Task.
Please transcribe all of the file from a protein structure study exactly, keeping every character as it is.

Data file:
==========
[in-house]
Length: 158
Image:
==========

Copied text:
[in-house]
Length: 158
Image: